This was the clear result of a tightening in supply, however. Another major fuel price shock occurred as a result of the Iranian Revolution and the subsequent Iran/Iraq War. This again caused a supply shock as two of the world's major oil producing nations were completely destabilized (Williams, 2007).
In the 2000s, a number of factors have combined to drive up oil prices. Major economic gains in key, highly-populated developing markets have served to increase demand substantially. The Iraq War has destabilized that nation's oil supply and the Mideast region in general. A weaker U.S. dollar, another consequence of the Iraq War, has also caused the price of oil -- traded in U.S. dollars -- to rise (Ibid). These events correspond with traditional supply and demand drivers. The events of 2008 may have been the result of speculation, but over the course of the past decade, it is more likely that supply and demand are responsible for the run-up in fuel prices.
There are three main drivers to crude oil prices -- supply, demand and speculation. The former are traditional drivers, and can be clearly identified in the context of previous shocks to the price of crude oil. What supply and demand cannot explain, however, is the price of crude oil in 2008. Supply was increasing, demand was falling and yet the price of crude skyrocketed to unheard of levels. This abnormal behavior was the work of speculation in the marketplace. Speculators, by virtue of not actually using oil, only care about spreads, not about prices, which in concert with leveraged trading allows them to drive prices to levels not normally considered tenable.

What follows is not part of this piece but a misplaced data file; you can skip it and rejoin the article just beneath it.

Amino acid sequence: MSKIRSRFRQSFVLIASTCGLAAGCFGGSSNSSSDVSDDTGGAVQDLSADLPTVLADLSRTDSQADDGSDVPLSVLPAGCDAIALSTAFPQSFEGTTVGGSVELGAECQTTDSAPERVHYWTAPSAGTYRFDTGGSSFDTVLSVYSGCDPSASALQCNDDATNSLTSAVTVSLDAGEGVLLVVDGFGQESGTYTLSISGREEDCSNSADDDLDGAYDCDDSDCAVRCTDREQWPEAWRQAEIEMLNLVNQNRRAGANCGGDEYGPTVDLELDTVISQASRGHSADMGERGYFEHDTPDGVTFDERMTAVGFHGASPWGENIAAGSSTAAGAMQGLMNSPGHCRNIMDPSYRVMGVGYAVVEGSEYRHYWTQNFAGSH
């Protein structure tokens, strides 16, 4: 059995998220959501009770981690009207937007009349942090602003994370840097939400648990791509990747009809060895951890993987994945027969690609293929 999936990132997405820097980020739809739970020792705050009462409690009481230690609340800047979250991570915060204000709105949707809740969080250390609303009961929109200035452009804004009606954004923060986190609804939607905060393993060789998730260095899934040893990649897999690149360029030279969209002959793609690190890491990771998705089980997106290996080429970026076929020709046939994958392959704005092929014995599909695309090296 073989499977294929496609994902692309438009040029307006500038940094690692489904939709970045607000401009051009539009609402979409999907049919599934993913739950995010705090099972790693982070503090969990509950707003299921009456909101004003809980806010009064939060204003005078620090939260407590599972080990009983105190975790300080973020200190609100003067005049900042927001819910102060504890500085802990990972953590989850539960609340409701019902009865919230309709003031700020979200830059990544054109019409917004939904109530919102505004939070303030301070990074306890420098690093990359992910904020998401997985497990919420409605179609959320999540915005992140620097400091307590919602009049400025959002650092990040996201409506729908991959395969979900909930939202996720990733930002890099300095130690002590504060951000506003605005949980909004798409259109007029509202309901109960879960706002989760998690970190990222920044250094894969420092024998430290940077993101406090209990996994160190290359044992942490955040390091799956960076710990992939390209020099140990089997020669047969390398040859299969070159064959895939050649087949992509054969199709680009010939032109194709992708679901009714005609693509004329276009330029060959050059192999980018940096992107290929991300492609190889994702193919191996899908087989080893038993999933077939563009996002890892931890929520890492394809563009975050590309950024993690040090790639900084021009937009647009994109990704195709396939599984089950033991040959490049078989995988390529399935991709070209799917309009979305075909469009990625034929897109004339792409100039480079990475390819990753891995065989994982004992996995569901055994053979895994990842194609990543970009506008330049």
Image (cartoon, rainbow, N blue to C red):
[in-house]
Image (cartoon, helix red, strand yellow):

There are normal supply and demand factors at work as well. Crude oil prices have increase significantly over the past ten years. This has been the result of destabilization of the Middle East and rapidly increasing demand in developing economies such as China and India. This has been combined with a substantial reduction in price elasticity of demand in the U.S. over the past thirty years, which essentially allows for rapid crude price shocks without significant consequence on demand.
High fuel prices are a political and economic issue of significant import, no doubt in part a consequence of low elasticity. The economy suffers from high fuel prices in the form of reduced spending in other areas. However, OPEC is unlikely to increase production in order to meet the increasing demand from the developing world. Rather, they are likely to take advantage of the low elasticity to reap the benefits of higher fuel prices. The result is likely to be inflation in the U.S., as consumers and businesses adapt to the higher prices. Although the short-term implication is reduced economic activity because savings rates are low and credit is maxed out, over time consumers and businesses will simply adapt to the new high prices and face inflation as a result. There will be future shocks, however, a consequence of speculation, and this will likely serve to increase elasticity of demand, at least back to levels previously seen in the wake of the shocks in the 1970s.
Appendix A: Change in Price Elasticity for Gasoline
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